Monday, December 27, 2010

Travel Clutch Dilemma

Since Hong Kong's U Magazine featured my Travel Clutch Wallet as the Editor's Pick on one of their October issues, I have had a Travel Clutch Dilemma. I was not prepared for them to be so popular and sell so quickly!! It's an awesome problem to have, but, as I said, not one for which I was prepared!

BACKGROUND
When someone purchased a Travel Clutch, they were essentially buying a time slot. Each clutch requires 7-10 days for me to make it. Ok, that's not exactly accurate. If I started in the morning, I could cut, iron, sew, iron again, topstitch, iron again and package one clutch all in one day. Even with munchkin distractions, it's possible. If I do that, I'd make 5 in one week. So, not really ideal. Because I have a background in manufacturing, I have a tendency to set things up in assembly line fashion. If I do this with travel clutches, I can cut the fabric (linen and cotton) as well as the interfacing for 6-12 clutches in one day. If I'm having an awesome day, I can iron on the interfacing too. I finish sewing the clutches over the next two days. By doing it that way, I can theoretically turn out 6-12 clutches in one week (4-5 days).  This generally works out pretty well. Twelve clutches a week is the most I have been comfortable with.

My system was pretty good. I have a dry erase board calendar. So when a person ordered a Travel Clutch, I counted out seven business days and put their order on the board. Inevitably, the week fills up so those I have 6-12 to make that week. I make them all at once. Yes, it may mean that someone's order ships in 9 days and someone else will have a ship date at 5 days. It wasn't a perfect system, but it is how actual manufacturing companies schedule business. It allows the people to be the most efficient. And in this case, I am the people.



As is true with any type of manufacturing, you will get to a point where an excessive quantity takes away from the efficiency. My 'sweet spot' for Travel Clutches is 12. The week my store was featured in U Magazine, I had to make 20 in one week. The week just before Christmas, I had to make 24. The week before that, was 20.  I could keep going back, but basically from the time my Travel Clutches were featured, my life was CRAZY TOWN!!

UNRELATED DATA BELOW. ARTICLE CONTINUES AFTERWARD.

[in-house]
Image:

THE BREAKDOWN
Each travel clutch has 13 pieces that have to be cut. That's 13 pieces from fabric and 12 pieces of interfacing plus 1 Heatbond strip. The week before Christmas, I had to make 24. Here's how that breaks down:

7 Pieces of cotton * 24 Clutches  = 168 pieces of cotton to cut
5 Pieces of linen * 24 Clutches = 120 pieces of linen to cut
1 Piece of twill * 24 clutches = 24 twill strips to cut
1 piece of heatbond * 24 clutches = 24 heatbond strips
12 Pieces of interfacing * 24 Clutches = 288 pieces of interfacing
Total pieces that have to be cut to make 24 travel clutches = 624

Then, I have to iron on the interfacing and heatbond strips. So that's 312 pieces that have to be ironed individually. Let's not forget the labels, so add 24 labels for a total of 336 pieces that need ironing.

Once the ironing is finished, I sew the labels in place. One sewn strip on each side of the label for 48 short lines.

Then I piece together the Clutch's pockets and compartments. It has 4 main compartments, plus the closure tab and pen pocket for a total of 6 items that have to be pieced together. Grand total for 24 wallets is 144 pieces. 

Then I have to turn 48 pieces inside out (the tabs and pen pockets). After turning those, I iron all 144 pieces again so I can top stitch them. And then I top stitch 144 pieces.

So far, this is all prep work. Once I've top stitched the pieces, I can finally start putting pieces together to make the wallets. Once they are all pieced, I sew fronts and backs together, turn them inside out, iron all 24 and top stitch the outside. It takes me an average of 10 minutes just to turn them inside out. It's a delicate procedure and if you rush it you'll rip a stitch or poke a hole through the corner. So for 24 clutches, that's 240 minutes or 4 hours just to turn them inside out!! Then I install the pearl snaps, iron again, package and ship.



So what that basically means is, I slept a total of 10-12 hours the week before Christmas. My mother-in-law watched my munchkin for me a couple days and my husband was home for the other days or I would not have been able to physically do it. I'd sew, and sew, and sew and go take a nap for 30 min to an hour and come back and sew some more. It was out of control.

LESSONS LEARNED
It was also very unintentional. I was selling them faster than I could take down the listings. Which is eventually what I had to do, take down the listings. I would walk away from the computer for a few hours and come back to see that I had sold 10 of them. I felt panicked because I knew that people were buying them for Christmas presents and I knew it would be bad business to have to contact them to tell them I just didn't have time to make their clutch. As the time got closer to Christmas, I was afraid  people weren't reading the listings to see the time frame and were hoping I was going to ship in time for them to be Christmas presents. So I took down all of the listings. And while I sewed the orders I already committed to, I formulated a new plan.

The two questions I am most emailed about are "Do you have any Travel Clutches that are 'Ready to Ship?" and "When will my Travel Clutch order ship?"  It takes a lot of time to filter through and respond to emails, so these questions were taking up a lot of my time. Since I had not anticipated their popularity, I had not really considered that I could sell more than I could physically produce within my published lead times. Now I know that's possible. I also received some feedback that publishing the lead time as 7-10 business days is confusing. People were glossing over the 'Business' part of the phrase and wondering why I hadn't shipped their order within 7 days. It's more accurate to say that the lead time is 10-14 days.